Objectives: Haematopoietic stem and progenitor cells (HSPCs) are multipotent cells giving rise to both myeloid and lymphoid cell lineages. We reasoned that the aberrancies of immune cells in systemic lupus erythematosus (SLE) could be traced back to HSPCs.
Methods: A global gene expression map of bone marrow (BM)-derived HSPCs was completed by RNA sequencing followed by pathway and enrichment analysis. The cell cycle status and apoptosis status of HSPCs were assessed by flow cytometry, while DNA damage was assessed via immunofluorescence.
Results: Transcriptomic analysis of Lin-Sca-1+c-Kit+ haematopoietic progenitors from diseased lupus mice demonstrated a strong myeloid signature with expanded frequencies of common myeloid progenitors (CMPs)-but not of common lymphoid progenitors-reminiscent of a 'trained immunity' signature. CMP profiling revealed an intense transcriptome reprogramming with suppression of granulocytic regulators indicative of a differentiation arrest with downregulation trend of major regulators such as Cebpe, Cebpd and Csf3r, and disturbed myelopoiesis. Despite the differentiation arrest, frequencies of BM neutrophils were markedly increased in diseased mice, suggesting an alternative granulopoiesis pathway. In patients with SLE with severe disease, haematopoietic progenitor cells (CD34+) demonstrated enhanced proliferation, cell differentiation and transcriptional activation of cytokines and chemokines that drive differentiation towards myelopoiesis, thus mirroring the murine data.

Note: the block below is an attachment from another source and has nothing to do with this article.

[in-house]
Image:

Conclusions: Aberrancies of immune cells in SLE can be traced back to the BM HSPCs. Priming of HSPCs and aberrant regulation of myelopoiesis may contribute to inflammation and risk of flare.
Trial registration number: 4948/19-07-2016.
Keywords: autoimmunity; inflammation; systemic lupus erythematosus.
© Author(s) (or their employer(s)) 2020. Re-use permitted under CC BY. Published by BMJ.